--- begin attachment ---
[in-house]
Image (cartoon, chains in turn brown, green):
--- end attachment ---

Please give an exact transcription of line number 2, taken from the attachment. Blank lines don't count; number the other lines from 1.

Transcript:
Image (cartoon, chains in turn brown, green):